•   Rolex is #1 on the Top 25 List.  It’s been there since 2000.  Last year the company spent $61.48 million.  That’s a new record in itself as no brand has ever spent more than $60 million. $36 million of this went for magazine spending.
  •  Breitling is #2 on the Top 25 List spending $43.85 million. Of this total the brand lagged slightly behind Rolex by spending $33 million on magazine advertising.
  • Although not in the Top 10, Breguet, spent $9.58 million.  This is a hefty increase, almost 2000% over 2012, when it spent less than $500,000.
  •  And as for two of the brands that I wrote postings about, Longines and Chanel, each made the Top 10 for 2013. Neither made the cut in 2012.
Bottom line analysis for 2013, when it came to watch brand U.S. advertising dollars, many companies see our market as an expanding one. In particular, Swiss luxury brands are eying this country as a strong source for revenue growth.

So back to you, my readers.  What brand advertisements have made an impression on you and why?  Is it through media recurrence, creativity, or placement in your favorite reading material?

Friday, July 4, 2014

Botanical Companions: J.G. Ballard and Chaumet

How did J. G. Ballard and Chaumet  become nature’s companions in this latest post?  Like so many things in life, happenstance. The July 10 issue of The New York Review of Books has a very personal, perceptive article on J.G. Ballard the acclaimed dystopian English novelist and short story writer by Zadie Smith. This led me to pick up and re-read one of my favorite Ballard short stories, The Garden of Time.

At the heart of the story are the time flowers growing below the villa terrace of refined aristocrat, Count Axel.  Ballard describes each time flower as being the size of a goblet, the opaque outer petals enclosing the crystal heart.  Their diamond brilliance contained a thousand faces, the crystal seeming to drain the air of its light and motion.  We learn that as Axel carries each picked time flower back onto the terrace, it began to sparkle and deliquesce, the light trapped within the core at last released.  For Ballard, the power of the time flowers, be they just buds or fully grown is that although they can't stop human time, depending on their maturity when picked, they can drug the events that are happening at that time into a trance. Time momentarily or slightly longer reverses allowing more time for Alex and his wife to enjoy the beauty of the life they have created. In this vein, we remember his statement to his wife: I picked a perfect flower, my dear, a jewel.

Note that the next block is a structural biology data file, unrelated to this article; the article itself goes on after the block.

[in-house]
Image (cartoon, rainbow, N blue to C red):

Enter my timely happenstance.  In June 2014, I read one of Nazanin Lankarani’s posts on WorldTempus. In it she interviews Thierry Fritsch, Chaumet’s chief executive about the company's 2013 selection of the hydrangea as its floral muse for its new Hortensia haute joaillerie /time piece collection.  Ms. Lankarani quotes Mr. Fritsch as saying “Haute joaillerie, like haute couture, is a laboratory of style. We have already created 24 pieces in the Hortensia Haute Joaillerie collection and will continue to explore this flower’s possibilities.”  

After seeing one of the  images of  the limited edition Hortensia tourbillon time piece, I could not forget it. I wanted to use it in the context of an upcoming post. But how? Zadie Smith’s article on Ballard coupled with my subsequent re-reading of his The Garden of Time gave me that opportunity.

I find Chaumet’s Hortensia watches to be the perfect embodiment of Ballard’s time flowers and their time-arresting power Count Axel was so privileged to have in his garden. What is also intriguing  about this particular edition is that it is limited to 12 pieces.  Towards the end of Ballard's story, Axel is left with a mere dozen flowers, of which his sequential selection will mark the final, unarrested return to time's forward movement.

Chaumet's Hortensia Tourbillon

"Dial composed by applied hydrangea flowers: sculpted and hand-engraved then Grand Feu enameled with silver foils on the center, in blue & purple tones."

Time will tell if Chaumet’s choice of the hortensia will continue to be Ballard’s lasting companion as the iconic time flower. 

Recommended Reading:
The Reason for Flowers: Their History, Culture, Biology, and How They Changed Our Lives by Stephen Buchmann. New York: Scribner, 2015.